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Account-Based Marketing Funnel

Account-Based Marketing Funnel

Account-based marketing (ABM) isn’t new, but it has experienced a surge in popularity in recent years. Below, we’re going to take a look at what ABM is, how it works and the key metrics you need to track to measure its success.

What does an ABM funnel look like and how does it differ from traditional marketing funnel?

Image source: superoffice

ABM refers to the use of personalised and highly-targeted campaigns to win particular accounts or clients. It differs from other types of marketing because it considers every single person or viewpoint involved in closing a deal, flipping the traditional inbound marketing funnel on its head.

But what does this actually mean? Well, if inbound marketing is about casting your net as wide as possible and waiting for thousands of fish to swim into it in the hopes of catching the one you want, ABM is the opposite – it’s about focusing on that one prized fish from the start, tailoring your marketing to ensure you catch it.

92% of B2B marketers consider account-based marketing to be very important to their marketing efforts, helping to drive revenue, increase ROI, and improve sales productivity.

How does the ABM funnel work?

The first step, or the top-of-the-funnel, is about identifying the businesses or accounts you want to target. Remember, you are trying to target the leads you know will be interested in your service or product, so once you’ve collated the data, rank them in order of importance.

Next, you need to personalise your campaign. Do your best to select the marketing approach most suited to the target accounts you’re hoping to attract. This is what ABM is all about, so make sure your relevant content – blog posts, white papers, ads, emails etc – addresses the problems your target market faces and suggest how you might be able to help.

The third step is all about engagement, so you need to get in touch with your chosen prospect and develop a relationship with them. Even if they decide not to become a customer, ask them to refer you or introduce new leads to your campaign.

The key difference between ABM and traditional marketing methods is that throughout the process, your company interacts with your quality accounts. Whether it’s to encourage a good clickthrough rate or to complete a sale, the ABM process means that you can keep track of successful and unsuccessful leads and further tailor and tweak your strategy accordingly. Compared to traditional methods, ABM takes more effort, but it has a better chance of getting the results you want.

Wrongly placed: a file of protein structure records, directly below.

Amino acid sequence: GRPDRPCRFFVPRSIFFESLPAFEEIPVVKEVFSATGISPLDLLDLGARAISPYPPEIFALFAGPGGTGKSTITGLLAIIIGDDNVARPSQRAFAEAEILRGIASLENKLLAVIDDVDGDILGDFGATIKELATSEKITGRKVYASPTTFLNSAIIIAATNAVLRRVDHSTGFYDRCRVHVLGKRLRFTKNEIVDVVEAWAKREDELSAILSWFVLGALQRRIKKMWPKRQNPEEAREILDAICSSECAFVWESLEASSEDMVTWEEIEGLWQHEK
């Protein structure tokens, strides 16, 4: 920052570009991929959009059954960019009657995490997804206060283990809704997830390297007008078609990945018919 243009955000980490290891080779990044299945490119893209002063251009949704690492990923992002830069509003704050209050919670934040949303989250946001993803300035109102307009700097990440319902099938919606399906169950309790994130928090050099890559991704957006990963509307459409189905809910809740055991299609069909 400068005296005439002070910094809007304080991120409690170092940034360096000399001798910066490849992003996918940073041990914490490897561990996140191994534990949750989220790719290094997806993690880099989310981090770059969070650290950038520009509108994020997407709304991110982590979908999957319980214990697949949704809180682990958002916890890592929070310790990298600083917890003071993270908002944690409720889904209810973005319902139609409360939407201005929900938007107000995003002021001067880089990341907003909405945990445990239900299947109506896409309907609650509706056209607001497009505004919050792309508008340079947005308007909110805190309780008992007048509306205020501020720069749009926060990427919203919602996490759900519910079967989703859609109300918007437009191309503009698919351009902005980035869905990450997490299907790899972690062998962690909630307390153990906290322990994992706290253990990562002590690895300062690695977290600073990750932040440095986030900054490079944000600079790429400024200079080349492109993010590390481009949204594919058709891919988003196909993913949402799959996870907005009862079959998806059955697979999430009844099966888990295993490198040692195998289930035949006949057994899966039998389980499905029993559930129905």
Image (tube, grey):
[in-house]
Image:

What is an account life cycle in ABM?

An account’s life cycle is highly variable depending on the industry you’re working in, but each one goes through similar phases. First up is the acquisition phase, in which your marketing team is attempting to identify accounts or individuals they can target in the upcoming phases. This is arguably the most important phase as it sets up your marketing strategy for the steps to come. It is effectively a foundation for the rest of your campaign.

The second phase is the acceleration phase. In this phase, your campaign should be attempting to move your leads down the pipeline and get them closer to buying your products. Alternatively, in cases where your leads may have gone cold, this is the stage in which you attempt to bring them back to life and potentially increase the level of interest in your brand yet again.

Finally, we have the expansion phase. This is where you attempt to secure sales and try to retain customers for future engagements, with the intention of cross-selling to customers and getting them to recommend your products to others that may be interested in buying from you. At that point, the target of those recommendations becomes your lead, and the cycle starts again.

ABM metrics to track at every stage of the funnel

The success of your account-based strategy can be measured by a few key marketing metrics.

Number of leads generated in the first stage of life-cycle

The first major metric you need to track is the number of leads generated in the first stage of the life-cycle. If the first stage of your funnel isn’t generating many leads, you’ll struggle to retain the number of quality accounts you need to ensure a high level of success in your ABM funnel.

How many of your target organisations know you

Next, you want to measure how many of your target organisations actually know your company’s name and what you offer. Your website traffic is a good reflection of this – in particular, the amount of traffic coming from the people within your accounts. You should also track how many of your prospects are communicating with you, attending your events and opening your emails.

Now that you know how many people are connecting with your brand, you need to track the number of minutes they spend with you. For example, how long do they use your product for? And how long do they talk to your sales team?

Your reach and influence

Finally, you need to track your reach and influence. If you’re not reaching your target accounts, you may need to consider whether you should be directing your efforts elsewhere. For example, if you’re running an email campaign, how many people are actually taking the action you’re asking of them? Similarly, if you’re running a webinar, how many people actually attend?

Ultimately, when done right, ABM can be an incredibly effective way to attract and target leads, delivering a higher ROI for 87% of marketers. To find out more about account-based marketing, contact us today.

Daniel Boss

Daniel Boss is a Digital Marketing and Account-Based Marketing expert.

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